At the same time, the devolved government created investment and development opportunities in the counties, since it was up to each county to fund local development. Favourable demographic trends, including a growing middle class that is spurring development across all real estate sectors, also contributed to the sector’s growth.

The key question is whether the growth of this sector, which is predominantly local — with a small percentage of foreign investors — will be able to maintain a return on investment that will maintain high investor interest and the asking prices in the market sustainable.

In the last few years, Kenya has been performing on average better than what experts had predicted at the beginning 2000. The country’s economy has been consistently growing by percentages that other economies cannot even dream of.

With an average growth rate above 5 per cent since 2010, the Kenyan economy has been upgraded to a middle-class one. At the same time, many people’s expectations of an even better future is growing too.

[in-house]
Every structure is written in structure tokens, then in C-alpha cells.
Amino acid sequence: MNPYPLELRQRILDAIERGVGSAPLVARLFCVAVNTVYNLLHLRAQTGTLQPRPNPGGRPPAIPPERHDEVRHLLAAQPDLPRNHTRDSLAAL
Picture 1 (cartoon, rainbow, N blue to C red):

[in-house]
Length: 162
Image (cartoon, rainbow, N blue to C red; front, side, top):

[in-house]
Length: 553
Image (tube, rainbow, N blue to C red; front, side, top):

Between the actual numbers and Kenyans’ expectations, the real estate market has capitalised the most on this positive course. Real estate values have been growing all over the country, with Nairobi and its satellite towns gaining amazing price rises and making big profits for almost everyone involved in the property industry.

This remarkable performance was possible because of other factors.

First was the prevailing political stability, which created a safe environment for local and foreign investors. Equally important was the fact that the global financial and economic circumstances favoured the growth of the emerging markets. Indeed, large amounts of capital from the big economies have been invested in many emerging markets around the world.


The expectations pegged on the discovery of oil reserves in the country boosted the positive attitude among investors, particularly foreign ones, who wanted to capitalise early on possible future economic growth.

The fact that the Chinese plan to penetrate and dominate investment in Africa, and especially the sub-Saharan region, is another very important reason for this growth, since huge investments have been funded thanks to Chinese interests.

Finally, the stability of the Kenyan shilling in the last few years, coupled with a steady interest rate, played also played a role in the country’s remarkable economic performance.